⇒ Yo Telecoms chose a Conditional pattern. They operate continuous services, 24/7.

The trial helped the company to recognise the need to measuring KPIs across the company, whichraised important questions about how to quantify productivity in departments like HR. Yo Telecoms pulled out of trial because their conditional pattern prevented people from being able to make plans without knowing for sure if they would get their day off.

I know that there are some industries that could switch this on and it could be very successful immediately and there’ll be no concerns. I fear, from a service-based business, which is what we are, you need to think very carefully about how you’re doing it.

Nathan Hanslip, CEO at Yo Telecoms

Platten’s, a fish and chips restaurant in Norfolk on the coast

⇒ Platten’s chose an Annualised pattern to cope with fluctuations in seasonal demand and the need to open 7 days a week.

Platten’s good knowledge of their peak hours of trading helped them to balance shifts and maintain service coverage. The 4-day week helped them to retain staff, something vitally important in the hospitality sector.

I would hugely encourage more businesses within the hospitality industry to join the four-day-week scheme.

Luke Platten, Director at Platten’s Fish & Chips

How successful was the UK 4-day week pilot?

The trial was overwhelmingly successful, with 56 of the 61 participating organisations deciding to keep 4-day working week. On average, working hours had reduced from 38 to 34 hours, executives rated their overall experience at 8.3/10, and 96% of employees wanted to retain 4-day working weeks.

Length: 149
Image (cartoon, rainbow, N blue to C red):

• Health and wellbeing benefits reported by employees:

⋅ 39% reduction in stress and 71% reduction in weekly burnout

⋅ Reduced levels of anxiety, fatigue and insomnia

⋅ Improved physical and mental health

⋅ Days at home meant a substantial saving in childcare costs for those with young children

• Work-life balance benefits for employees:

⋅ 54% reported an improved work-life balance

⋅ 62% found it easier to combine work with socialising

⋅ 60% said it was easier to combine care and work responsibilities

⋅ Widely reported time benefits for home activities, from caring responsibilities to hobbies

• Productivity gains for employers, compared with the same period in the previous year:

⋅ 37% increase in rate of revenue grow

⋅ 57% improvement in staff retention rate

⋅ 65% reduction in sick days

⋅ Overall, an increased pace of work but without an increased workload. At the same time, no statistically significant change in perception of intensity or complexity of work

Across a wide variety of different sectors of the economy, these incredible results show that the four-day week with no loss of pay really works.

Joe Ryle, Director of the 4 Day Week Campaign

The trial helped companies to reflect on how they were treating their staff. When implemented properly, it represented a significant improvement to staff wellbeing, being additional to flexible working and appropriate work-life boundaries, and more beneficial than superficial wellbeing perks. It coincided with many companies readdressing efficiency and setting out efficiency charters. In practice, this meant looking for ways to boost productivity, which included:

• Making meetings shorter and more concise